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Man Faces Years in Prison for Flying Drone Over AFC Championship Game

Paul Steinbach,


A Pennsylvania man is facing felony federal charges and years in federal prison in connection with flying a drone over Baltimore’s M&T Bank Stadium during the AFC Championship Game on Jan. 28.

As reported by Baltimore CBS affiliate WJZ, Matthew Herbert, 44, from Chadds Ford, Pa., is being charged for illegally operating the drone, which caused a delay during the playoff game between the Baltimore Ravens and the Kansas City Chiefs.

“Illegally operating drones poses a significant security risk that will lead to federal charges,” said United States attorney Erek Barron, “Temporary flight restrictions are always in place during large sporting events.”

“Operating a drone requires users to act responsibly and educate themselves on when and how to use them safely,” said acting special agent in charge Joseph Rothrock of the FBI’s Baltimore Field Office. “The FBI would like to remind the public of the potential dangers of operating a drone in violation of federal laws and regulations.  The reckless operation of a UAS [unmanned aircraft system] in the vicinity of a large crowd can be dangerous to the public, as well as interfere with other law enforcement and security operations.”

According to the affidavit filed in support of the criminal complaint, the Federal Aviation Administration put in place a temporary flight restriction (TFR) for M&T Bank Stadium in Baltimore on Jan. 28 during the National Football League AFC Championship game, which precluded the flight of any UAS, including flying a UAS under the Exception for Recreational Flyers, WJZ’s Adam Thompson reported.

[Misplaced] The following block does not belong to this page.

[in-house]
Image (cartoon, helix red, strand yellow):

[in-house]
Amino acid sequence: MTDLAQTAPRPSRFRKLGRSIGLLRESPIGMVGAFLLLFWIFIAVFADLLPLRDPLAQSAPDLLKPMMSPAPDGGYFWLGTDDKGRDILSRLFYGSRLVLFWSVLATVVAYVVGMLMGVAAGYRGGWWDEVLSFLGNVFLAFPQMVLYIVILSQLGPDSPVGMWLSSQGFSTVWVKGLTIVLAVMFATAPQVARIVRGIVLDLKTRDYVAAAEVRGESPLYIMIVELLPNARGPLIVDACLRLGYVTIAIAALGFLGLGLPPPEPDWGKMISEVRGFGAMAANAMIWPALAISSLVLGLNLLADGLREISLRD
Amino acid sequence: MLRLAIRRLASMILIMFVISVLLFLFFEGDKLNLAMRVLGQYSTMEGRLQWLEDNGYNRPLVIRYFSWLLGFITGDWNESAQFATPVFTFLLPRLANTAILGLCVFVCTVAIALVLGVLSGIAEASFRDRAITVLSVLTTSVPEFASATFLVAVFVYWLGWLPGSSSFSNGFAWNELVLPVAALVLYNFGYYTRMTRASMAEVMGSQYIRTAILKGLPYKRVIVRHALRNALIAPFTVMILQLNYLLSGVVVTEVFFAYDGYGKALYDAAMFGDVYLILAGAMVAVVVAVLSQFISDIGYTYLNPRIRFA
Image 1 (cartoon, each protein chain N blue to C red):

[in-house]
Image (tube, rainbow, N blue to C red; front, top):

A TFR temporarily restricts certain aircraft, including a UAS, from operating within a three nautical mile radius of the stadium.

According to the Department of Justice, during the game, “the incursion of an unidentified and unapproved drone was deemed a serious enough threat that NFL Security temporarily suspended the game.”

Maryland State Police Troopers tracked the movement of the drone directly over the stadium and deployed to the area where the drone landed in the 500 block of South Sharp Street in Baltimore.

Hebert was located at that location and spoke with law enforcement, according to the DOJ.

Hebert told officers that he purchased a DJI UAS in 2021 and used the DJI account to operate the drone.  The drone was not registered, nor did Hebert possess a Remote Pilot certificate to operate it.

According to WJZ’s Thompson, Hebert allegedly flew the drone approximately 100 meters or higher for approximately two minutes. According to the affidavit, while in flight, Hebert captured approximately six photos of himself and the stadium and may have taken a video, as well.

If convicted, Hebert faces a maximum sentence of three years in federal prison for knowingly operating an unregistered UAS and for knowingly serving as an airman without an airman’s certificate. Other reports, including one from Business Insider, put the potential prison time at up to four years.

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